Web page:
The Riddle Of Milk And Grass

The Riddle Of Milk And Grass


In my first article I explained the untranslatable state of mind horses use to perceive reality. I exposed how they graphically perceive their universe and how we fit into that untranslatable world. I also explained how we as riders can change his perception and the negative effects it can have in the horses, specifically associated to the bit effects.

Now I want to go a little deeper with this untranslatable concept, explaining why the horse perceives the universe as untranslatable. Where that ability is found and is developed in the horse, and why we have a different perception about the world.

There is a consensus between psychologists about the huge significance breast feeding has for any mammal’s future physical and psychological development. The way in which animals relate to food in the first stage of development is the way they will relate with the world in the future, and it will have a big impact on behavior.

If we compare a horse with a human and with a dog, in the beginning all mammals are not that different in that we all start eating by breast feeding. Of course there are emotional differences between animals and humans, but what I mean here is that the milk will be available, in general, if there is no health problem. Now if we look at it a little more deeply, there are some differences that are important. Horses, in general, have plenty of milk because horses breed one foal at a time so there is no anxiety associated with needing to compete with others for the lactation: so we can say that under normal conditions the foal has plenty of milk to drink and it is available most of the time. Dogs, on the other hand, need to compete for the lactation, so there is an anxiety associated with this, and milk becomes something to fight and reach for.

Humans supposedly have plenty of milk as well, yet because humans are more complex emotionally, their babies do not always have it available. Many times the babies have to compete with the mom’s work, dad’s attention, mom’s stress, family, and many other complex emotions and interactions that make it difficult. So many babies perceive the lactation as something to reach for and not something that is always available.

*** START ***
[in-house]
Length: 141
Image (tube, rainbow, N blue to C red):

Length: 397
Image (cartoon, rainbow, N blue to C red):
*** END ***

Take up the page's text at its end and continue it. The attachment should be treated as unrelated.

After weaning, in a natural or semi-natural environment, horses will still have plenty of food in the field, and they will chose when to eat, having no anxiety at all, because the pasture will be there. For dogs on the other hand, in semi wild conditions they will have to hunt and reach for food, so food will still be something to look for and with a relatively high level of anxiety. When humans are fed, moms will make a schedule, so food will not be available all the time, and food will be associated with anxiety in many cases, something to reach.

If a horse has this natural environment during his growth, he will be an animal that has no tension regarding food. For most horses in a field or pasture there is no tension and anxiety at all. So then in a safe environment where there is no danger around, the horse will be able to come back to that peaceful state of mind where it grew up, where there is no need to search for food, and his brain will perceive the environment as untranslatable because the horse developed the neuronal network for that behavior and for that mental state. That relation with food is projected as a way to relate with the universe. So that’s why horses don’t really need humans to survive, and if they interact, in a safe way, they see us as part of his untranslatable universe because of the pattern that his relation with food creates. If horses have pastures, they don’t feel anxiety for our company.